“All children have the right to be loved,” Joseph, a Zambian social worker, told me as our bus navigated one of Lusaka’s bumpy, dusty streets.
When we cleared the maze of people eking a living on the streets and turned to the entrance of Empowerment Village, Joseph explained: “Every child here belongs to a family, the village was established with a charter stating that all children need love, respect, and security.”
He caught my gaze. “It is their right,” he emphasised. Of course I agreed, but I frequently find myself left speechless when observing countries with the fewest resources revealing some of the best social work practices.
The people in this part of Zambia receive minimal financial, health or educational support from the government. No funds from UN agencies find their way to the streets where there is no fresh running water, nor toilets. Money comes from what can be grown, made and sold. It is an environment the UN would describe as extreme poverty.
As we entered Empowerment Village, the women welcomed us with dance and singing. The children stopped playing football and ran to greet Joseph and the other social workers, who they see as part of the wider family.
Many of the children had been abandoned at a graveyard or the door of a church or found in the streets. Many of their parents had died from HIV/Aids and others, as happens in so many cities around the world, had lost contact with their extended family when their parent moved to search for a better life.
Joseph and other social workers from the SOS Children’s Villages search for the children’s extended family members and invite them to become members of Empowerment Village.
“Children are always better off with the families, but they need support,” Joseph explains. “When we really can’t find anyone in the original family, the children can live with a new mum and they become her children for life, but we never stop trying to find an original cousin or relative; that is their right.”
One of the village members showed me around. “Everyone has to contribute here,” she said. “We started with nothing, just a place to grow corn, now we have chickens and vegetables, which we sell in the markets, and we have bought a milling machine and can grind maze. We are saving for a bigger mill.”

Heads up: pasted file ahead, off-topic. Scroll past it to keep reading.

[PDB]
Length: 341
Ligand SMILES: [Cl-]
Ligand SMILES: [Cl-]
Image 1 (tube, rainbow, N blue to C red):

In addition to the village’s economic plans, the social workers have supported the community to establish a school where play is used as the main medium for learning. Children are able complete their schooling and then seek paid work.
Outside one the houses where children live with an adoptive mum, I chatted with some teenage girls. I asked one what she wanted to do when she left school. “I want to be a teacher,” she said. Another girl shouted: “I want be a beutipst”. I questioned: “A beutipst, what’s that?” “Oh no,” she cried and ran to her house hiding her face, but came back a moment later, “I meant beauty therapist”. Her friends and the social workers burst into laughter; she laughed the loudest. As we walked on Joseph said, “You see, this is just like any normal family, all the children here are loved.”
A time to celebrate
The theme for this year’s World Social Work Day is promoting community and environmental sustainability. It will be celebrated by social workers in all countries and will bring common messages to governments, communities, employers and partner organisations. There is much to celebrate.
The profession of social work has immense experience in working with families and communities to transform desperate situations.
Our approach of tackling the many effects of poverty and marginalisation and working with and alongside communities for their self-led development is the profession’s key contribution in solving social problems. This approach needs to replace the old welfare model, where governments and international agencies provide last minute assistance (if at all), rather than listening to and working with people and communities.
The focus of social work in supporting the development of care arrangements in families and communities, ensuring everyone has a voice and influence over their futures, and also in shaping social services to meet the needs and aspirations of communities should be celebrated.
Social workers are often reluctant to take credit for their successes. World Social Work Day is a time to celebrate the achievements of the profession and, as Joseph so perfectly emphasised, to ensure children’s rights – including the right to be loved – are fulfilled.
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